Focus On Folk
Focus On Folk. Is John Martyn still a folk singer or not?
This is a totally irrelevant question and one which I’m glad I didn’t bother to ask. For in this age of musical categories John draws only one dividing line which is only slightly less formidable than the Iron Curtain, the difference between honest and dishonest music.
In spite of his reticent disposition John minces no words and is downright invidious when it comes to selecting his beautiful people. The new album is called “Stormbreaker” and the song which reconciles all John Martyn’s musical ideals is “Sweet Honesty” which was written three years ago by his wife Beverley, the other side of the partnership.
And the guy who reconciles John and Beverley is son Wezzles, who’s only eighteen months old and a good deal more ostentatious than either of his talented parents. It’s true that John Martyn has made a diversion from his first two albums “London Conversation” and “The Tumbler” in going to the States to record with excellent musicians like Levon Helm (The Band), Billy Mundi (Mothers of Invention) and Harvey Brooks (Electric Flag). And the big question is: “Why?”
Simply that John and Bev wrote some songs which they realised demanded more than two acoustic guitars to be fully exploited. And Joe Boyd of Witchseason decided that the States was the obvious choice for getting together one of the most natural and affluent albums possible.
As John modestly puts it: “It’s the best of what we could do at the time, and we couldn’t have done it any better. It was just a case of running through the tracks two or three times. Next time I’d like to bring them all over here to record, particularly John Woods, the guy who engineered the album; although I don’t really believe that the recording environment matters.”
Why does John prefer to work with American session men than British?
“Simply because all the British musicians I like are working with other people. We shall be going to the States again this year for a concert tour. Woodstock’s the best place I’ve found so far. I detest New York but upstate it’s OK.”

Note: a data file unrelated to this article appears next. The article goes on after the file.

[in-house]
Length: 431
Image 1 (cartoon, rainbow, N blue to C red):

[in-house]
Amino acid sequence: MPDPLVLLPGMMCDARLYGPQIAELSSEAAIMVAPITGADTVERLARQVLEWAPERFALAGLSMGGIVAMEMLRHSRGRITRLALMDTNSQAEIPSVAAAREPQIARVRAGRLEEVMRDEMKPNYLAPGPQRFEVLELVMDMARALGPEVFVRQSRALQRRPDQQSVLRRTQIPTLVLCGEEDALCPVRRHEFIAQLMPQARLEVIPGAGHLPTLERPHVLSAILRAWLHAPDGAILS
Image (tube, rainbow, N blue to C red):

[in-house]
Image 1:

“We’ve tried to be perfectly honest on this album like Dylan and Steve Stills, who are so tasteful and never effete. We did a concert in Woodstock in aid of the Hudson River Sloop and Dylan was in the audience. It was a treat to see him alive and well; he seemed really beautiful.”
Although John claims he would never return to his birth place of Scotland other than to visit his family or to play a gig in Dundee, he is equally as unhappy about London.
“I’ve been playing here about a year too long, and if I’d realised that before I’d have got out. It breeds constant paranoia.”
“I don’t really think there’s sympathetic ears for the contemporary songwriter over here. In America, people like Nilsson and Laura Nyro are important. The casual listener over the past ten years has been addicted to a particular kind of music. There’s a whole section of the industry devoted to giving the public its daily fix. There’s some really good music in Britain that’ll just never be heard, good honest music which people like John James produce. Not this so called heavy stuff. My idea of ‘heavy’ music comes from Zappa and Dylan whereas Led Zeppelin just make a noise.”
“To me Jimmy Page is just an ego trip guitarist producing smeth music (a combination of ‘smack’ and ‘meth’). It’s the same with Kooper and Bloomfield, who give the impression of ‘Let’s get turned on and bury ourselves in the cans, man.’ It’s like music is being turned into a freak show, and you go and watch a spectacular… a phenomenon. It’s so far divorced from reality… and yet it’s real.”
John believes that the memory distills all the sounds ever heard and nothing reproduced is ever original; but he is a highly original and distinctive songwriter. Beverley, who contributed four numbers, denies that she is a prolific songwriter, and admits that her material is drawn over a long period of time.
John and Bev have only ever played three gigs together, but are quite willing to fulfil the demand should the album catch on as it deserves to. “Stormbringer!” is hardly recognisable as a British album which reveals a glaring point. That the British standard of songwriting and the American session and recording levels combine to produce a natural, funky acoustic sound, a good deal more tasteful than that used by Wezzles to our conversation.
28 February 1970